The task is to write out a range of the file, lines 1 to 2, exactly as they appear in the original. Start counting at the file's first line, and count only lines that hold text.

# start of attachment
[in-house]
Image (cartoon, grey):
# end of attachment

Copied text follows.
[in-house]
Image (cartoon, grey):